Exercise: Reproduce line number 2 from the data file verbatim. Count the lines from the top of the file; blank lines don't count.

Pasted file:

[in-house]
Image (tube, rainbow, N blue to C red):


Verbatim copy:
Image (tube, rainbow, N blue to C red):